The CFO role has not always been this prominent, especially prior to the 1960s (Zorn, 2004). Not having the CFO title, from today's perspective, finance directors, chief accountants and financial controllers before this time (and even still today) have been labelled "bean counters" by some contemporary literature (Granlund & Lukka, 1998; Sharma & Jones, 2010; Weber, 2011; Zorn, 2004). Their responsibility was "to prepare the books and report back to higher level management on the overall financial risk and performance of the enterprise" (Sharma & Jones, 2010, p.1). Such contemporary literature creates the notion that before the 1960s, CFO predecessors were more or less exclusively focused on bookkeeping and reporting. They did not delve into business partnering roles, advising the CEO/Board of Directors and/or act as critical counterparts to managers in the way contemporary CFOs do (Goretzki, Strauss, & Weber, 2013; Graham, Davey-Evans, &Toon, 2012; Granlund & Lukka, 1998). However, contemporary literature presents little empirical evidence to support this view, it is more taken-for-granted, with a view that contemporary CFOs have a more important and more business partner-like role compared to predecessors (e.g., Farag et al., 2012; Zorn, 2004).

However, an exploration of historical literature reveals such a contemporary view is questionable. For instance, Boyns and Edwards (1997a, 1997b) present evidence that 19th century accountants prepared information for managers, to help run the business. Similarly, Matthews (1998, 2001) argues that 20th century accountants have always acted as management advisors. The historical literature also notes that after the First World War, this advisory role increased as firms increasingly expanded their internal accounting departments (Loft, 1986; Matthews, 1998). However, historical studies lack details of such roles and many questions remain unexplored. For example, we could ask what are similarities and differences in the roles of accounting department heads in the early 20th century compared to contemporary CFO roles? Is the CFO role simply presented as more important today than in previous times? Did the CFO role emerge dramatically in the 1960s or was the emergence more gradual? One way to answer such questions is to explore the role of a CFO predecessor in a historic context. In this paper, we detail the role of a chief accountant from about 1920 to 1945 and focus specifically on the role as a structure independent of the individual. We do this by drawing out the position-practices associated with the role - as outlined by Cohen (1989) and Stones (2005). Briefly here, position-practices can be defined as slots in which actors, in clustered groups, fit to reproduce structures-structures being properties that bind social ties. Coad and Glyptis (2014) suggest that further research is needed on the position-practice relations of individuals. Specifically, they suggest that the adoption of a position-practice perspective may provide novel insights into how accounting and control practices change over time. This paper responds to Coad and Glyptis (2014) by adding to our understanding of the emergent nature of the role of the contemporary CFO through associated position-practices.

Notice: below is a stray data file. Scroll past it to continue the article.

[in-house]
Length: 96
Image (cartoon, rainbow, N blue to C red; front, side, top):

The remainder of this paper is organized as follows. Next, we present an analysis of contemporary CFOs' roles and some insights on their predecessors. Then, we summarize structuration theory and detail the concept of position-practices and set out our research method. This is followed by a description of the CFO position-practices from our case. Finally, we discuss the position-practices of a CFO predecessor, and contrast them with contemporary CFO research.

Literature review

Given our research objective as outlined in the introduction, a summary of extant literature on the role of contemporary CFOs and the role of accountants in CFO-type roles in the past is given to provide an initial view of such roles and sets the context for the study.

Contemporary CFO roles

To establish the role (as conveyed through position practices later) of a CFO predecessor, it is useful to explore the role of a present-day CFO. Contemporary literature seems to attribute the origin of the CFO to external factors, namely legislative changes (Zorn, 2004). To understand the term "CFO", Mian's (2001, p. 145) definition is a useful start, suggesting that the CFO's primary responsibility is the "management of the financial system of the firm". Mian (2001, p. 144-145)also notes that the CFO usually "oversees preparation of financial reports and serves as the point person for external communication of financial strategy [and] bears the ultimate responsibility for activities related to raising capital and serves as the primary Wall Street contact". Serving as the primary contact for capital markets has been regarded as one important trigger for the increase in importance the CFO position has enjoyed in recent decades (Farag et al., 2012). The percentage of large US firms with CFO positions increased from virtually nil in the early 1960s to more than 80% at the end of the 1990s (Zorn, 2004). The importance and influence of the CFO role has also been revealed by studies on the impact of CFO characteristics or CFO turnover on accounting practices. For instance, Aier, Comprix, Gunlock, and Lee (2005) report that the financial literacy of CFOs significantly influences the likelihood of earnings restatements. Other studies show that CFOs significantly affect accounting choices (e.g., Barua, Davidson, Rama, & Thiruvadi, 2010; Burkert & Lueg, 2013; Feng, Ge, Luo, & Shevlin, 2011; Ge, Matsumoto, & Zhang, 2011; Geiger & North, 2006; Jiang, Petroni, & Yanyan Wang, 2010; Li, Sun, & Ettredge, 2010; Naranjo-Gil, Maas, & Hartmann, 2009). Other literature reveals the CFOs' role also includes oversight of key finance and accounting functions such as management/cost accounting, financial accounting or treasury (Bremer, 2010; Hiebl, Neubauer, & Duller, 2013).